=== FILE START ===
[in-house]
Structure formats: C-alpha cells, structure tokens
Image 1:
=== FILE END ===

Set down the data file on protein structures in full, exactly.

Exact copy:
[in-house]
Structure formats: C-alpha cells, structure tokens
Image 1: